But more than this danger we knew UP Ibalon can not be a political organization because if it is it cannot become the “home of Bicolanos” and we will lose our purpose in being.

When we analyzed UP Paglaom, our conclusion was that it was a social organization. Anyone is automatically a member when he or she fills up its application form and pays its membership dues. Aside from the party, it has no other major activity. And we did not want that kind of organization.

“Why not make UP Ibalon a political organization?”, Tibo David, a political, rhetorically asked.

The conclusion was that only activists and politicals will then be drawn into the organization and it is the surefire recipe for us to become isolated and the danger of other Bicol organizations sprouting will then be max. It should be understood that an outside threat from another organization hangs over our head then [See my article, “The Formation And Legacy Of UP Ibalon: A Testimony”, 11/14/08]. We knew we will then blow all chances that we will be accepted by the Bicolanos in UP as their organization if we ever become a political organization. So we knew that even converting UP Ibalon after foundation is suicidal to the organization.

It is obvious that the politicals of twenty years after 1974 have no understanding whatsoever of the realities that exist when UP Ibalon was founded. There is simply no historical basis where a political organization of Bicolanos can exist in 1974. Now, isn’t the term “political organization of Bicolanos” an oxymoron? One thing I know is we were not morons when we founded UP Ibalon. But I suspect that believing in UP Ibalon “history” that came from outside sources when the founders and seniors members of UP Ibalon are still alive is probably moronic.

The False Version Of UP Ibalon History And Orientation

December 1, 2008

by Mighty Baylon


In the four academic years that I have been on-and-off a resident member of UP Ibalon (this covers the school years that started in the years 1974 to 1977 but his stretches up to March 1978), a total of about 110 members entered the organization. This includes the 19 doctors of medicine that I already wrote about [“The MDs of UP Ibalon Of Earlier Years”, 11/15/08]. With my own eyes I have seen Ibalon grow big and flourish.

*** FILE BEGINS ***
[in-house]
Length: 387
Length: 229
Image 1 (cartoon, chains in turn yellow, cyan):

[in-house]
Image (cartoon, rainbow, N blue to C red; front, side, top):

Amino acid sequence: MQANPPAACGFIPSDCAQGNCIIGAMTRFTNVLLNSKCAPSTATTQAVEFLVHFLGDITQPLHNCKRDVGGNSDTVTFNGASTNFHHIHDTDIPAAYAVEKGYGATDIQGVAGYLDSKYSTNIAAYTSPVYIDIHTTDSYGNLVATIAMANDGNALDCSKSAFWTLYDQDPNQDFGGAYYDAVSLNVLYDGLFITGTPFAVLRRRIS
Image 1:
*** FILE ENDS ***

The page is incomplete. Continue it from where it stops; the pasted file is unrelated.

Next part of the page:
When I left UP Diliman it had nearly 90 members and its membership roll was still young, unlike when we first started out. Among the 90 are scions of the more prominent families in Bicol as do sons and daughters of teachers. We thought we had the best and the brightest of the Bicolanos in UP. Almost all graduated on time, the Bicolano holders of major scholarships are in the organization and so do those passed the entrance exam of the PSHS.

We even had a putative alumni association which I tried to half-seriously jump start in February 1978 in a meeting in the old Golf Course clubhouse near Philcoa. We already then have 20 alumni members but a significant number of them were in medical school. So, of course, a gesture half in jest does not mean it can be sustained.

But one thing I remember until the time I left UP Diliman, there was no discussion ever about UP Ibalon as a “political organization”. This was not even discussed among the charter members in any length when the constitution was being drafted. The only discussion at length where this topic was tackled was in the Steering Committee [See my article, “The Formation And Legacy Of UP Ibalon: A Testimony”, 11/14/08] where it was roundly and unanimously rejected.

Years after that stormy August night [See my article, “The Calm Before The Storm: A UP Ibalon Saga”, 12/01/74], I needled the eminences grise of the original UG group of UP Ibalon. I asked them, “They said UP Ibalon was a political organization right from the very start”. “Of course not”, came the sharp reply in crisp English. “Saan naman nila nakuha iyon (Where did they got that?)”. And to think that the person was formerly a top staff of the supreme eminence grise.

I am confident that not one of the 110 members of UP Ibalon whom I came to know in my years in UP Diliman will affirm that UP Ibalon “ay poon-sa-poon, sarong political organization”. I have talked to over half of them over the years and all have no recollection that that term was ever used or discussed in referring to UP Ibalon. All the recollections about the nature of the organization was that it was a socio-cultural organization and a varsitarian.

I now dare those who said in 1995 that UP Ibalon is a “pol-org” to identify who told them that and what version of UP Ibalon history were they peddling then. I also dare them to produce even one among those 110 members I mentioned who will back their version of history.

Members should also know that years after that 1995 incident, and even before, they were peddling that false version of UP Ibalon history.